In vivo flow territory mapping of major brain feeding arteries.
ABSTRACT The ability to visualize the perfusion territories of major feeding arteries to the brain is important for many clinical applications. Since the work of Duret in 1874 on vascularization of the brain, many textbooks and atlases have shown schematic drawings of the supply areas of the major cerebral arteries. Recent postmortem studies demonstrated that the variability of the cerebral vascular territories is significantly greater than previously assumed. The aim of the present study was to investigate in vivo, the variability of flow territories of major brain feeding arteries. Flow territory mapping of the anterior (internal carotid arteries) and posterior (basilar artery) circulation was performed in 115 (58 +/- 9 years of age) subjects with selective arterial spin labeling MRI. Flow territory maps for the entire population indicated significant variation in flow territories. However, when the subjects are further categorized into groups with a complete circle of Willis, with a missing A1 segment and with a unilateral or bilateral fetal-type posterior cerebral artery, the results showed considerably lower variation within groups. It is therefore concluded that, the variation observed from the entire population is mainly caused by anatomical variants of the circle of Willis. To relate focal brain lesions to underlying flow territories in individual cases, knowledge of the anatomy of the circle of Willis is essential.
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ABSTRACT: We have previously reported that the topographic variability of the territories of the anterior, middle, and posterior cerebral arteries is much larger than is generally considered in the literature. In the current study, we quantitatively investigated the variability of the territorial distribution of the major cerebral arteries and analyzed its relation to the variability of the circle of Willis. In 23 human brains, the volumes of the major cerebral territories were calculated and the diameters of the contributing arteries were measured and standardized for size. The variability of the standardized territorial volumes proved to be considerably large and strongly correlated with the variability of the diameters of the arteries emanating from the circle of Willis. Furthermore, the relative vascular densities in the gray and white matter were determined. Taking these densities into account, an estimation of the relative peripheral resistance of the contributing arteries was made. We hypothesize that the morphological variability of the cerebral vascular system is related to the peripheral resistance of the major cerebral arteries and, consequently, to flow patterns, both of which are hemodynamic factors. We suggest that hemodynamic factors predominantly determine the form and size of the cerebral vascular system.Stroke 01/1994; 24(12):1951-9. · 6.16 Impact Factor
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ABSTRACT: This paper presents schematic displays of the cerebral territories supplied by branches of the posterior artery as they would appear on axial and coronal computed tomographic (CT) scan sections. Companion diagrams of regional cortical function and a discussion of the fiber tracts are provided to simplify correlation of clinical deficits with coronal and axial CT abnormalities. Illustrations of the vascular supply and functional relay points (nuclei) of the thalamus are provided.American Journal of Roentgenology 08/1981; 137(1):13-9. · 2.90 Impact Factor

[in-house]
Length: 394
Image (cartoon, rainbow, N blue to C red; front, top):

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ABSTRACT: After the occlusion of an internal carotid artery the principal source of collateral flow is through the arteries of the circle of Willis, but the size and patency of these arteries are quite variable. Study of the anatomy of the collateral pathways in patients with internal-carotid-artery occlusion with or without infarction in the watershed area of the deep white matter may identify patterns that afford protection from ischemic infarction. Using conventional magnetic resonance imaging and three-dimensional phase-contrast magnetic resonance angiography, we evaluated 29 consecutive patients (32 hemispheres at risk) with angiographically proved occlusion of the internal carotid artery. Four collateral pathways to the occluded vessel were evaluated: the proximal segment of the anterior cerebral artery, the posterior communicating artery, the ophthalmic artery, and leptomeningeal collateral vessels from the posterior cerebral artery. Only features of the ipsilateral posterior communicating artery were related to the risk of watershed infarction. The presence of posterior communicating arteries measuring at least 1 mm in diameter was associated with the absence of watershed infarction (13 hemispheres, no infarcts; P < 0.001). Conversely, there were 4 watershed infarcts in the 6 hemispheres with posterior communicating arteries measuring less than 1 mm in diameter and 10 infarcts in the 13 hemispheres with no detectable flow in the ipsilateral posterior communicating artery. A small (< 1 mm in diameter) or absent ipsilateral posterior communicating artery is a risk factor for ischemic cerebral infarction in patients with internal-carotid-artery occlusion.New England Journal of Medicine 07/1994; 330(22):1565-70. · 51.66 Impact Factor